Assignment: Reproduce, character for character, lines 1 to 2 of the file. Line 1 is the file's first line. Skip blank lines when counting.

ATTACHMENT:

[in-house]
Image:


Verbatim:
[in-house]
Image: